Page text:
Fri August 1, 2014
Why Nicaragua's Not In The Conversation About Central American Migrants
Originally published on Wed September 24, 2014 2:54 pm
AUDIE CORNISH, HOST:
Throughout the child migrant crisis at the U.S. border we've been hearing about three countries as the main source of those migrants - Guatemala, Honduras and El Salvador. Well, what about Nicaragua? That's the headline of a recent story on the news website "Fusion." Historically, Nicaragua has been lumped in with its neighbors as another one of the problem-children of Central America. But these days Nicaragua circumstances are different. Tim Rogers is an editor at "Fusion." He's also the founder of nicaraguadispatch.com. Welcome to the program, Tim.
TIM ROGERS: Thank you for having me.
CORNISH: So, one thing you report, in terms of key differences, between Nicaragua and Honduras, El Salvador and Guatemala is the murder rate. We keep hearing how Honduras has the highest rate in the world right now, right? 90 murders per 100,000 people. What's going on in Nicaragua for context?
ROGERS: Nicaragua really has a fraction of that murder rate. That comes as a surprise to people who remember the Nicaragua of the 80s and have a vision of Nicaragua being a war-torn country. But Nicaragua has really been able to turn it around in the last 25 years.
CORNISH: And you've got there 11 murders per 100,000 people in Nicaragua.
ROGERS: Yeah, the Nicaraguan government, the Sandinista government, really believes that the key to their success is a different policing model that Nicaragua has implanted. Where as the countries of the northern triangle have resorted to heavy-handed policies - what they call the manadura(Ph) repressive state policies against gangs. Nicaragua has opted for more of a community policing model. They try to identify youth who are at risk and try to reintegrate them into society before they really go towards criminal life and joining gangs.
CORNISH: You mentioning the Sandinistas reminds me that I want to know a little bit more about the history here because El Salvador, Guatemala and Nicaragua all had long and violent conflicts in the '70s and '80s. How is the post-war experience of Nicaragua indifferent?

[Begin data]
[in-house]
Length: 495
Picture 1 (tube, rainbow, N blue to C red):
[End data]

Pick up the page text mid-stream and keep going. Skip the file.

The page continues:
ROGERS: The main factor that makes Nicaragua different than its neighbors is that the revolution triumphed in Nicaragua. So when the Sandinistas came to power in 1979 they really inherited a shell of a country. There were no institutions that functioned, there was no money in the state coffers - and that allowed the government to hit the reset button - to build a new police force, to build a new army. And they were very aware of trying to build something different than the repressive National Guard that they were replacing.
CORNISH: One conclusion you come to I want to note is this. You write, instead of trying to fix Central America by doing more of what's not working in the northern triangle perhaps Uncle Sam should take a lesson from what it's not doing in Nicaragua. Explain what you mean.
ROGERS: Well, in the northern triangle relations right now between the United States and the governments of El Salvador, Honduras, and Guatemala are focused almost primarily on the war on drugs, on security issues. In Nicaragua the United States has withdrawn a lot of aid since 2007 for political concerns but at the same time commercial relations between Nicaragua and the United States have increased. Nicaragua is now the country in Central America that's benefiting the most from CAFTA - which is The Central American Free Trade Agreement with the United States. And Nicaragua has attracted a lot of private U.S. investment - U.S. tourism. And so it's this connection on the level of people to people that's really helped Nicaragua whereas this militaristic approach - creating relations with the countries in the northern triangle has led to an increase of violence and the exodus of children that we're seeing today.
CORNISH: That's reporter Tim Rogers of nicaraguadispatch.com and website Fusion. Tim, thanks so much for speaking with us.
ROGERS: Thank you. Transcript provided by NPR, Copyright NPR.